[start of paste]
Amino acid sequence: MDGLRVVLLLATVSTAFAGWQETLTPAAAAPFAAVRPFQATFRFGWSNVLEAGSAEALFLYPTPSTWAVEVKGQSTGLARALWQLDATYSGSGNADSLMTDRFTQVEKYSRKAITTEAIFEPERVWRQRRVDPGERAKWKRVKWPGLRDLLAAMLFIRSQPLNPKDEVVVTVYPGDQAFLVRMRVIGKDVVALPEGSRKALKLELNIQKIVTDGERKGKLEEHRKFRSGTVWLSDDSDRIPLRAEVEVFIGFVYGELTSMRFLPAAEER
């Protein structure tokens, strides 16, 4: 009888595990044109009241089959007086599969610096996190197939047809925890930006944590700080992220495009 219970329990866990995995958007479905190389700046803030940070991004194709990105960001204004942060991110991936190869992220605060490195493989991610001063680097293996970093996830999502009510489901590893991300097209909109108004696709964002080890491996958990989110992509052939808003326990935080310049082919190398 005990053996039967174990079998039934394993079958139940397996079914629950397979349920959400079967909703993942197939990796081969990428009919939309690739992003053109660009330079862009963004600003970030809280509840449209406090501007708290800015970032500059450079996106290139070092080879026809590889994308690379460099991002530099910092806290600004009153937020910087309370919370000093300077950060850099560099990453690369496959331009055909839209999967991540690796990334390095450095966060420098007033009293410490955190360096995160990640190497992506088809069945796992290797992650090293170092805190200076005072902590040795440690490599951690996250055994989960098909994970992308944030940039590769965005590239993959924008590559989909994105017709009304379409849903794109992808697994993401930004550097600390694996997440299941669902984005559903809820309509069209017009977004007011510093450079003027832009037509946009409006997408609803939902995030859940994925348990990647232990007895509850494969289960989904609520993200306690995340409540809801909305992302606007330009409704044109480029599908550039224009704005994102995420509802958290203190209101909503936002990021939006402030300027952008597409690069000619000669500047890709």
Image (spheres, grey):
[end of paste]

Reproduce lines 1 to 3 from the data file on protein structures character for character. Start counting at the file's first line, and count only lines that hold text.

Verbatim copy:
Amino acid sequence: MDGLRVVLLLATVSTAFAGWQETLTPAAAAPFAAVRPFQATFRFGWSNVLEAGSAEALFLYPTPSTWAVEVKGQSTGLARALWQLDATYSGSGNADSLMTDRFTQVEKYSRKAITTEAIFEPERVWRQRRVDPGERAKWKRVKWPGLRDLLAAMLFIRSQPLNPKDEVVVTVYPGDQAFLVRMRVIGKDVVALPEGSRKALKLELNIQKIVTDGERKGKLEEHRKFRSGTVWLSDDSDRIPLRAEVEVFIGFVYGELTSMRFLPAAEER
């Protein structure tokens, strides 16, 4: 009888595990044109009241089959007086599969610096996190197939047809925890930006944590700080992220495009 219970329990866990995995958007479905190389700046803030940070991004194709990105960001204004942060991110991936190869992220605060490195493989991610001063680097293996970093996830999502009510489901590893991300097209909109108004696709964002080890491996958990989110992509052939808003326990935080310049082919190398 005990053996039967174990079998039934394993079958139940397996079914629950397979349920959400079967909703993942197939990796081969990428009919939309690739992003053109660009330079862009963004600003970030809280509840449209406090501007708290800015970032500059450079996106290139070092080879026809590889994308690379460099991002530099910092806290600004009153937020910087309370919370000093300077950060850099560099990453690369496959331009055909839209999967991540690796990334390095450095966060420098007033009293410490955190360096995160990640190497992506088809069945796992290797992650090293170092805190200076005072902590040795440690490599951690996250055994989960098909994970992308944030940039590769965005590239993959924008590559989909994105017709009304379409849903794109992808697994993401930004550097600390694996997440299941669902984005559903809820309509069209017009977004007011510093450079003027832009037509946009409006997408609803939902995030859940994925348990990647232990007895509850494969289960989904609520993200306690995340409540809801909305992302606007330009409704044109480029599908550039224009704005994102995420509802958290203190209101909503936002990021939006402030300027952008597409690069000619000669500047890709």
Image (spheres, grey):